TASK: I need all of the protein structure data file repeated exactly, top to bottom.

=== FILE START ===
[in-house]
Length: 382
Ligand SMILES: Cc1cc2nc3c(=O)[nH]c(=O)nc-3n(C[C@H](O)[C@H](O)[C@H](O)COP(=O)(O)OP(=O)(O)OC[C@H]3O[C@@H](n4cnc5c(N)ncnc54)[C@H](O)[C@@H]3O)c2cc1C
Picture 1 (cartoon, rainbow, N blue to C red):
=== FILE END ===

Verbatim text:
[in-house]
Length: 382
Ligand SMILES: Cc1cc2nc3c(=O)[nH]c(=O)nc-3n(C[C@H](O)[C@H](O)[C@H](O)COP(=O)(O)OP(=O)(O)OC[C@H]3O[C@@H](n4cnc5c(N)ncnc54)[C@H](O)[C@@H]3O)c2cc1C
Picture 1 (cartoon, rainbow, N blue to C red):